Illustration by Zach Bulick

Illustration by Zach Bulick

It’s hard to have a conversation about Twitter without having to first talk about how silly it all is: the name, the character counts, the very concept. Same with blogging, or with virtually anything in social media – before you can have any serious discussion around it, you first have to shake your sillies out.

We gotta stop getting hung up on the seeming triviality of it all: as much as it’s a fad, a series of startups with silly names, and a passing phase, it’s also a new medium. Real dialogue is taking place, real connections forming, real business happening. Stop going meta, start thinking about how you can do it better.

This post is a stream of lessons I’ve been learning and ideas that’ve been brewing for a little while as I work with UGM to steer the organization’s social media plans. I ain’t saying I’ve figured out this crazy stuff — just sharing some of the realizations I’ve come to.


Social media begins and ends with real-live people, and the minute it’s mistaken for mere technology, that’s the moment it loses its value. That’s especially important for non-profits, where people are at the core of why you do the work you do. You can start monologuing on Twitter or postings videos on YouTube, but at some level, your strategy has to connect with, celebrate and centre entirely around people.

Social media is not about sitting at your computer and simply typing to people. It’s a way to rally people to come together, meet each other and make a tangible difference. As high-tech as the world of social media is, it really just comes down to a lot of traditional principles and values. Networking. Relationships. Connections. The next generation of communication isn’t about staying hidden behind a screen, it’s about using that screen to connect you to real people in real life.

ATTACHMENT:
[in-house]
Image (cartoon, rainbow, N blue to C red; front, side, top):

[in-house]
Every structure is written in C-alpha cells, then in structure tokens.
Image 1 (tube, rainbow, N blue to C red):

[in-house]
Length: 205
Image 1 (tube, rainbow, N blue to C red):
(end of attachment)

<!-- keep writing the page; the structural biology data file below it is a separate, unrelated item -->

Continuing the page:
There are a lot noisemakers out there in social media – prove you’re different by adding value instead of noise. Act like you’re in a living room — impress people with your ability to listen.

Take Facebook as your example: the great worldwide common room, with transparent room dividers segmenting people into social pockets. As an organization, you don’t really belong – not until your brand is seen as adding value to the conversation. On Facebook, people have a hard enough time ignoring ads, the influx of updates from peripheral friends they don’t care about – why should they care about you?


“Just being there” isn’t enough – to make social media worthwhile, you need to know why you’re there. For non-profits, is your point to raise money, educate donors, or just establish a reputation? Clarify your intent early – after you’ve allowed yourself enough time to experiment. What are you going to do with your community? If you manage to gather 500, 1000 or 50,000 Facebook friends, how are you going to mobilize them to rally to your cause?


No social media strategy should be reliant on a specific platform. Platforms are inherently transient, and businesses have to be nimbler than that. Setting up shop on YouTube or MySpace will bring short-term gains, but in order to last, you have to have a strategy that’s bigger than that – you have to be connected with the people themselves.